Beat Boredom

Beat Boredom

Critical Thinking Activity

As you prepare for your trip, you’re probably learning about the places you’ll visit and the sites you’ll see, you’re probably ramping up your language skills so you can use them in-country and you’re probably learning cultural tips and tricks. In this whirlwind of excitement and anticipation, perhaps the last thing on your mind is “What will I do if I’m bored?” However, it’s a good idea to prepare for this emotion if it comes up, so that it doesn’t catch you off-guard.

The objective of this activity is to help you realize that boredom might come up during your trip, to help you have an open mind about boredom and to help you turn it into something positive and productive so you can make the best out of your trip.

Step 1: Look at the scenarios below and mark whether or not you would be bored in that situation:

Situation I would be bored I would not be bored
If my video player on the flight is broken    
If I have to take a long bus ride or train ride    
If I have to wait a long time for the next metro    
If I have to walk a lot    


Situation I would be bored I would not be bored
If I have to visit 4+ different art museums    
If I have to visit 4+ different churches    
If I have to listen to lectures on historical facts    
If I have to hike all day     
If all the group wants to do is go shopping    


Situation I would be bored I would not be bored
If all my host family does is watch TV    
If my host mom spends a lot of time in the kitchen    
If my host sibling only plays video games    
If there are no other families in the area    
If my host sibling is 3 years younger than I am    
If my host family takes me to a grocery store    

Step 2: The first set of “ifs” refer to boredom that arises during transit. Brainstorm some ideas of how you would pass the time while in transit, such as:

  • Reading a book

  • Journaling about the differences that you have experienced so far or what you are excited about

  • Practicing speaking the target language with a friend or teacher

  • Looking around! Where are you? What is different about what you see? How are the other people in the bus or train passing the time? Soak it all in!

Can you think of other ideas?




The second set of “ifs” are the result of traveling as part of a group. You might not always enjoy the activity at hand, but it might be someone else’s favorite activity. Trust that your teachers will provide a variety of activities and think of ways that you could enjoy the ones that aren’t your favorite. Try to find a way that the activity at hand relates to your interests:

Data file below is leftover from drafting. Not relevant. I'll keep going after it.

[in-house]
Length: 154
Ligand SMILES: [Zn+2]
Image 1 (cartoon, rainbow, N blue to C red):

• If you’re at ANOTHER church, try to notice the architecture or the art; how is it different from the other churches you’ve seen?

  • If you’re at ANOTHER museum, check out the gift shop.

  • If you’re shopping AGAIN, see if there are places of historical or cultural interest nearby. Observe what the other pedestrians are doing.

Can you think of other ideas?




The third set of “ifs” refer to the family stay. After a jam-packed couple of days touring around a new country, your family stay might seem boring simply because the pace is different. Take a breath, enjoy the slower pace and allow yourself to soak in and reflect on the cultural differences.

Remember that Xperitas host families are volunteers and are not required to take you on excursions. That said, all our families have a genuine interest in sharing their daily lifestyle with you and learning about yours!

There are lots of things to do and enjoy and learn, even if most of your time is spent at the house:

  • Offer to show your family how to cook a meal that you often eat in the U.S. Bring brownie or pancake mix or boxed macaroni and cheese as part of your gift to the host family.

  • Play a board game or card game. Again, you can make these games a part of your gift.

  • Have a conversation! Use downtime to really get to know your host family. If you’re not sure where to start, come prepared with a list of conversation starters and some useful vocab words.

  • Offer to help clean or do other household chores – notice the differences in how these tasks are done.

If your family watches TV, don’t let it be a passive activity – ask questions! Notice differences!

  • What kind of TV shows are popular in this country? Series? Reality? Talk shows? Politics? (What do you think it says about the culture there?)

  • What is different about the commercials? The products advertised? The length? When they are played?

  • Are there a lot of athletic events being aired? What kind of sports? Are they the same ones that are popular in the U.S.? Are there cheerleaders? Mascots? Team colors?

Can you think of other ways to engage with your host family while at the house? 



If you’re thinking that playing games on your phone or spending time on social media or texting your friends or family would be a good way to beat the boredom, THINK AGAIN!

Spending time engrossed in your phone is a good way to disengage with your environment (the environment that you paid a lot of money to visit). The answer to beating the boredom while in the destination is to engage MORE and discover ways to become interested in your surroundings and the situation at hand, even if it’s not your first idea of a fun time.

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